Before deliberating further on the crisis which has hit the mutual fund industry, let me share a general trend observed among the retail investors while choosing an investment vehicle. Most of these investors show herd mentality.
They don’t bother to understand the structure and risks associated with the investment instrument before parking their money in it. They don’t question the fund managers and remain focused only on the high yield. In fact, a gullible investor is not ready to listen to the negatives and probabilities of losing entire money.
My acquaintances mentioned in the beginning have also surprised me by asking about debt funds. They have taken mutual fund route to investment, but they are now confused about the Debt Fund schemes as Franklin Templeton has closed down six Debt Schemes leaving investors clueless about their money.
So, what is a debt fund? A debt fund is an investment pool, such as a mutual fund or exchange-traded fund. Often referred as credit funds or fixed income funds, its core holdings comprise fixed income investments parked in short-term or long-term bonds, securitized products, money market instruments or floating rate debt.
In simpler terms, the funds which invest in instruments like corporate bonds and securities, not in stocks are known as debt funds.
Here it makes a sense for naïve retail investors to understand the collapse of Franklin Templeton debt fund schemes. Understanding this failure of the well-known mutual fund house can act as a guiding investment principle for the investors. Normally, people follow success stories to understand a process of achieving financial goals through investments. But in the COVID-19 induced situation, a look at the failures of even established systems and procedures can go a long way to realign the processes to mitigate risks to a large extent.
Why the schemes collapsed? There has been a dramatic and sustained fall in liquidity in certain segments of the corporate bonds market on account of the COVID-19 crisis and the resultant lockdown of the economy which was necessary to address the same. At the same time, mutual funds, especially in the fixed income segment, were facing continuous and heightened redemptions, which intensified in the months of March and April, witnessing an estimated net outflow of Rs 9,148 crore in March alone. Franklin Templeton says that in this scenario, this is the best possible way to safeguard the interest of investors and is the only viable means to secure an orderly realisation of portfolio assets.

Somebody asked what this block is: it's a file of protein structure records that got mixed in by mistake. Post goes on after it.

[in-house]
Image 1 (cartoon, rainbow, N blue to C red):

Precisely, the fund house had taken aggressive credit calls in their portfolios. As India went into lockdown post the covid-19 crisis, these papers became largely illiquid in the debt market. At the same time investors grew jittery about credit risk and redemptions in the funds soared. This forced the fund house to borrow money from banks to honour them. However this position was unsustainable and hence the fund house took the decision to close the schemes to both inflows and outflows.
So, the investors won’t be able to withdraw money from these schemes. However, winding up of the schemes does not mean that investors’ money is lost. The schemes will continue to receive scheduled coupons and maturity payments, and the fund house will look for all opportunities to seek pre-payments from issuers or to sell portfolio holdings, without incurring a significant impact cost.
How to look at the future? The Franklin episode is an eye opener and seriously calls for a review of investment portfolio, especially investment in debt funds. It should be noted that the investors of the collapsed schemes won’t be able to get the money at the moment even if they have urgent need of money to meet some financial goals and emergencies.
(The views are of the author & not that of the institution he works for)